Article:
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More schools choose a four-day week

While some districts lean toward year-round schedules, others shortening the week as budgets drop

Until recently, only rural districts hoping to save money on busing geographically spread-out students had cut the school week down to four days. But now, while some districts are leaning toward year-round schedules, some are actually shortening the week as budgets continue to drop and state officials allow scheduling flexibility.

“Over time, more states have moved from requiring a certain number of school days to requiring a certain number of hours,” says Kathy Christie, chief of staff at the Education Commission of the States. This allows more districts to add 60 to 90 minutes to the end of each day during a four-day week to make up for the time off.

As of 2009, there were 120 districts in 21 states operating on a four-day school week, according to a report from Indiana University’s Center for Evaluation & Education Policy. These districts are primarily in rural areas in Western states, such as Colorado, Montana, and Wyoming. Schools usually drop Monday or Friday classes, the report found.

It is not known how many there are today, Christie says, but the number appears to be increasing. In Idaho, at least 38 districts and nine charter schools will make the switch this year, according to the state education department. A 2011 Washington Post survey found that nearly 300 schools nationwide were on a four-day schedule.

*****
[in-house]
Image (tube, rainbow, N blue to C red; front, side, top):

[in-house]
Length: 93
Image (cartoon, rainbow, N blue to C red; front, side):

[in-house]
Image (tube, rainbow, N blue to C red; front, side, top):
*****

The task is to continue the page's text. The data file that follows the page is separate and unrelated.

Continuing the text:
The MACCRAY School System, serving the Minnesota towns of Clara City, Maynard, and Raymond, is now on its fifth year of a four-day schedule. There are three schools in the district of about 700 students, spread over 25 miles.

“It was a last resort—we’d faced major cuts, and the only thing left was to eliminate programs. We didn’t want to lose kids,” says Gary Sims, principal of MACCRAY Senior High School. “It was drastic measures for drastic times, but it was the best thing we’ve ever done.”

The first year, MACCRAY saved about $188,000 on transportation, utilities, and food services, Sims says. And school officials have seen “slightly better” attendance rates and state test performance since making the change, he adds. The high school has reached state Adequate Yearly Progress measures since the second year on this schedule.

However, most schools that switch to this schedule do not end up saving a significant amount, Christie says. And more in-depth research is needed on its impact on attendance and achievement.

“It’s not a silver bullet for schools that need improvement,” Christie says. “It’s a fairly simple structural change, which can be beneficial, but not if it doesn’t impact curriculum and instruction.”

Parents, teachers, and communities often support the four-day week, survey research has found.

“The parents of the schools that have changed to a four-day school week overwhelmingly like the change because it allows more time with their children,” states a 2011 report from the Montana Office of Public Instruction. Only three out of the 31 Montana districts that moved to a four-day week said some parents were still struggling with child care.

“There would be an uprising if we went back to a five-day week,” Sims adds.

Parents have been satisfied with the arrangement, as they can take their children to appointments on the Monday off, and arrange for child care in advance. “If parents know when they will need a babysitter, they’ll get one,” Sims says.